Andrew Norton on higher education policy

Andrew Norton (the only classical liberal in Carlton) has made a career out of keeping an eye on developments in higher education after a spell as the editor of the Policy quarterly at the Centre for Independent Studies. This is a meditation on 25 years in the business.

Twenty-five years ago today I started my career in higher education policy – although I did not then know I was starting a career rather than a job – when I began in education minister David Kemp’s office as his higher education adviser. Since leaving this role I have been a higher education policy adviser to University of Melbourne vice-chancellors, the higher education program director at the Grattan Institute, and now ‘professor in the practice of higher education policy’ at the ANU.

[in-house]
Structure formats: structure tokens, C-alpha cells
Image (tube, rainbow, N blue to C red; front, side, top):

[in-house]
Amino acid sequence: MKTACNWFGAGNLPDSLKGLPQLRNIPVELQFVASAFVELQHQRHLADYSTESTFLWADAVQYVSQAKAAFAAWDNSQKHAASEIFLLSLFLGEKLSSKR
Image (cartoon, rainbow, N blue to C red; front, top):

Few people spend most of their careers in higher education policy. Career paths are limited or at least not easily planned in advance. Three of my four higher education jobs did not exist before I was appointed to them. At various points I considered alternative careers but higher education policy opportunities appeared and I took them.

6 thoughts on “Andrew Norton on higher education policy”

  1. I have a degree in the school of life – best money I ever spent . Two kids in uni and both are I think struggling with cognitive dissonance as they see irrationality and politics are required to pass .

  2. I was told years back that the Spectrum was created to blame children for teachers failure to cope with diverse personalities.
    It has since become a huge earner, whilst condemning kids to lesser lived lives, and teachers morphing into just another single point on that spectrum.

  3. They need to start with Lower Education first. Children leave School at 16 years not being able to read, write and do basic sums. No wonder they can’t get jobs.


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